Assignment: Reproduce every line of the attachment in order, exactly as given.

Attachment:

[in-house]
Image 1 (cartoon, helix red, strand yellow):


[in-house]
Image 1 (cartoon, helix red, strand yellow):